mnthome(1)                   General Commands Manual                  mnthome(1)

     mnthome – mount an AFP (AppleShare) home directory with the correct

     mnthome [-v] [-d] [-m mntpath] [-n] [-b] [-p password] [-i]
             [-x mount point] [-u] [-s]

     The mnthome command unmounts the AFP (AppleShare) home directory that was
     automounted as guest, and remounts it with the correct privileges by
     logging into the AFP server using the current username and password.  This
     command also allows you to have guest access turned off on your AFP server
     too and still have AFP home directories work with "su".

     When you ssh into another computer using an account that has an AFP home
     directory or you "su <netuser>" where <netuser> is an AFP home directory
     user, then the resulting home directory will not have the correct access

     This is because automount is assuming NFS behavior which assumes that all
     computers share the same user/group privileges and mounts volumes using "no
     security" and lets the client enforce privileges based on the current user.

     AFP is different since the privileges are based on the user that logged
     into the server.  Since automount does not put up an authentication dialog
     asking for an user name and password, automount mounts the fileserver using
     guest login.  Thus you end up with getting the world access privileges and
     the privileges are shown via "mapping".  You also would have to allow guest
     access to the server to that sharepoint.

     Mapping makes all the files/folders appear like they are owned by the
     current user.  Even those items not really owned by the current user show
     up as being owned by the current user.  The server provides user access
     rights (UARights) which is a summary of what the access rights are
     regardless of the category (owner, group, world) from which they were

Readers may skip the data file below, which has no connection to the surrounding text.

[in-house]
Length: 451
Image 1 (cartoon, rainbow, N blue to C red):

obtained.  When doing "mapping", the AppleShare client will take these
     UARights and show them as the owner rights.  So, everything looks like it
     is owned by the current user and the owner rights are set to the UARights.
     Thus if you had access to that file/folder before, then you still do.

     The options are:

     -v      Display version number.

     -d      Print debugging information.

     -m      Alternative mount point is specified with the -m option followed by
             a path to an existing directory.  Normally, the volume is mounted
             in /Network/Servers/ or /var/automount/Network/Servers/.

     -n      Do not force the unmount of the previous mount point.

     -b      Exec the user's shell after mount of home.

     -p      A password may be specified with the -p option followed by a
             password.  If this option is not used, then the user will be
             prompted to enter in a password.

     -i      Display information about the AFP home mount point.

     -u      Attempt to unmount the current home directory mount.

     -x      This option must be followed by a path to an existing AFP mount
             point.  Display information about the mount point.

     -s      Skip preflight check to see if the currently mounted home directory
             is already correctly mounted for the user.

     The following example illustrates how to mount an AFP home directory:


     This example shows how to print the debugging information and provide a

           mnthome -d -p foobar

     mount(2), unmount(2), mount(8) mount_afp(8)

     I get the mounting url from the "home_loc" attribute and the mountpath from
     the "home" attribute (with the path from home_loc subtracted out).  If your
     AFP home directory automounts in a different location, then you need to use
     the -m option to specify an alternative mount point.

     I cant figure out how to cd out of the current home dir so I can do the
     unmount and then restore the user back into the new home dir.  If you are
     in the AFP home directory when you use mnthome, you automatically get put
     back into that same directory when mnthome leaves.  If mnthome works, then
     your current directory is a dead directory and you need to "cd ~" to get to
     your new home directory.

     If the server with the home directory was already mounted by another user,
     you will not be able to replace it with a mount made by your user id.  The
     original mount must be first unmounted by the mounting user or root.

     The mnthome command first appeared Mac OS X version 10.3.

     0                  mnthome successfully remounted the AFP home directory.

     [EINVAL]           Invalid arguements were passed in.

     [EPERM]            The current AFP home directory could not be unmounted by
                        mnthome because the current user does not have the
                        correct access.  The current AFP home directory was
                        probably mounted by another user first.

     [EAUTH]            Incorrect password.

Mac OS X                         August 4, 2004                         Mac OS X